FIG. 2A is a cross-sectional view of a main hinge body of a vasculopath device of the present invention;

FIG. 2B is a cross-sectional view of a supplementary hinge body of the vasculopath device of FIG. 2A; and

FIG. 3 is a schematic perspective view of a vasculopath device of the present invention;

FIG. 4 is a schematic cross-sectional view of probes of the present invention being used to hold a blood vessel in an embodiment of the method of the present invention;

FIG. 5 is a schematic cross-sectional view of probes of the present invention being used to hold a blood vessel in an alternative embodiment of the method of the present invention.

DETAILED DESCRIPTION OF THE PREFERRED EMBODIMENT Definitions

For the purposes of the present invention, the term "proximal" refers to a direction towards a user of a vasculopath device. For the purposes of the present invention, the term "distal" refers to a direction away from the user of a vasculopath device.

For the purposes of the present invention the term "individual" refers to either an individual person or animal on whom the method of the present invention is practiced.

For the purposes of the present invention the term "probe free end" refers to an end of an elongated probe that extends from the probe holder holding a probe.

For the purposes of the present invention, the term "blood vessel" includes veins, arteries, capillaries, etc.

Description

FIGS. 1A and 1B illustrate one preferred embodiment of the present invention. A vasculopath device 100 includes a main hinge body 102 and two arm members 104 and 106 that are joined to hinge body 102 at pivots 108 and 110, respectively. An axial screw 112 extends through a threaded opening (not visible in FIGS. 1A and 1B) in main hinge body 102 and through a threaded opening (not visible in FIGS. 1A and 1B) in a supplementary hinge body 114. Screw 112 includes a knob 116 that allows screw 112 to be easily turned by a user of device 100. Supplementary members 118 and 120 are pivotably connected to arm members 104 and 106, respectively, by pivots 122 and 124, respectively. Supplementary members 118 and 120 are also pivotably connected to supplementary hinge body 114 by pivots 126 and 128, respectively. Cylindrical probe holders 130 and 132 are joined to arm members 104 and 106, respectively. Extending from probe holders 130 and 132 are elongated probes 134 and 136. As can be seen in FIG. 1A, elongated probes 134 and 136 extend in directions that are non-parallel to arm members 104 and 106, respectively, to which the elongated probes 134 and 136 are attached by means of probe holders 130 and 132, respectively. Free ends 138 and 140 of elongated probes 134 and 136 are angled towards each other and are pointed, as shown in FIG. 1B.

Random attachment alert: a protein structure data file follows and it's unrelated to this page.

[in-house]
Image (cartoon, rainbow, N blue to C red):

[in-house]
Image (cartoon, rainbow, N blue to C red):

In the embodiment illustrated in FIGS. 1A and 1B, screw 112 acts as an adjustment mechanism for elongated probes 134 and 136. In order to move elongated probes 134 and 136 towards each other to hold a blood vessel, a user turns knob 116 in a direction to cause screw 112 to be drawn up proximally through supplementary hinge body 114 and main hinge body 102. As screw 112 moves proximally, axial distance 142 between supplementary hinge body 114 and main hinge body 102 lessens and separation distance 144 between elongated probes 134 and 136 lessens. In order to release elongated probes 134 and 136 from blood vessel, a user turns knob 116 in a direction to cause screw 112 to move distally through main hinge body 102 and supplementary hinge body 114. As screw 112 moves distally, axial distance 142 between supplementary hinge body 114 and main hinge body 102 increases and separation distance 144 between elongate probes 134 and 136 increases.

The various pivots of the present invention may be any kind of conventional pivots such as bolts, screws, etc. which are used to join two pieces of metal, plastic, etc. together and allow the two pieces to rotate freely with respect to each other.

Although in the embodiment shown in FIGS. 1A and 1B, the arm members are joined to the hinge body on one side of the main hinge body and the supplementary members are joined on one side of the supplementary hinge body, the present invention also contemplates other arrangements. For example, FIGS. 2A illustrates a vasculopath device 200 of the present invention in which arm members 202 and 204 are mounted on pivots 206 and 208 within a main hinge body 210 having a threaded opening 212 through which a screw 214 extends. Similarly, FIG. 2B illustrates a supplementary hinge body 216 of vasculopath device 200 in which two supplementary members 218 and 220 are mounted on pivots 222 and 224, respectively. Similar to the embodiment shown in FIG. 1A, screw 214 extends through a threaded opening 226 in supplementary hinge body 216.